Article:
“Whether you’re looking to join a committee, a board, or just to become a passive member, we’re looking for students like you to join us,” announced the organisers of the event on their Facebook page. And while students usually jump onto opportunities to gather, network and connect, this year things took an unusual turn. Due to the pandemic, the associations had to get creative and transferred the event to an online environment.
The Association Week 2020, which took place from 15 through 20 September, was open to attendees via Zoom. Each day had its own theme: business and career development, sustainability and social impact, faculty, entrepreneurship and technology, international and cultural communities, and education and personal development. Over thirty student associations participated.
Games and presentations
Each one gave a 20-minute presentation describing who they were, what they did, and answered questions coming from students. But most importantly, they shared information on how to join them as a part of a committee or a passive member. At the end of the day, everyone had a chance to take part in a digital pub quiz and answer various questions about the student associations. Although a lot of students joined Zoom meetings, most of them were passive listeners. A majority did not feel like turning on their cameras or sharing their thoughts. Even the Q&A sessions were mainly held via chat.
Every association chose a unique way of interacting with students. Some organised live games. For example, LifeVersity invited students to participate in a public speaking game, where the volunteering student had to quickly and creatively come up with a speech, while being presented with random pictures on the screen, such as fast food, bees or toxic barrels.
A safe space to share ideas
Some associations posed interactive questions to start online discussions and conversations. And despite the initial awkward silences, these brief presentations eventually transformed into a welcoming platform for sharing ideas and perspectives. “When was the last time you felt lonely?” the question came from one of the members of Extraordinary life. Attendees openly spoke about when they last felt lonely, what they’ve learned from being a part of an association, or how their lives changed after joining the association. “I am in a call with twenty people but behind the screen, I’m still lonely,” confessed Alicia, one of the participants.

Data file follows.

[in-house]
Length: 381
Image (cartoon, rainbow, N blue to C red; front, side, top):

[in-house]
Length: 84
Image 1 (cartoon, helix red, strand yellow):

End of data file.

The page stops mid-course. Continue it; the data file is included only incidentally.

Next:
One common thing that every representative of a student association spoke about was their welcoming and accepting attitude, ready to invite members with no judgement, creating a sense of connectedness and community. In turn, students were curious to find out how to contribute and help committees achieve their long-term goals, such spreading awareness and breaking stigmas. “Challenge your predispositions, because you cannot even imagine how much you can learn from different perspectives. Being a part of the association can put you in a place that makes you question your own opinions and I think that is the only way to grow,” said Chloe. “Always speak up, always be your true self,” said Clemens.
Besides the opportunity to connect with likeminded peers, students who share a passion for the same type of sport, or come from a same national background, student associations also offer a lot of fun and practical activities. They host soft skills trainings, guided meditations, cooking workshops, provide psychological support, and even a space to discuss taboo topics.
On Sunday evening, the event was closed. “I am so used to having acquaintances, but it’s good to have a group of people who you can go back to no matter what,” shared Gunansh, briefly summarising probably one of the most important messages the associations tried to deliver to students during this virtual networking days.
Were you unable to attend the event? Follow this link to see the list of the participating student associations to find out more or maybe even join them.